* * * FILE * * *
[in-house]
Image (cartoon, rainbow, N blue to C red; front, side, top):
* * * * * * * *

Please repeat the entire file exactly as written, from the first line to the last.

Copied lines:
[in-house]
Image (cartoon, rainbow, N blue to C red; front, side, top):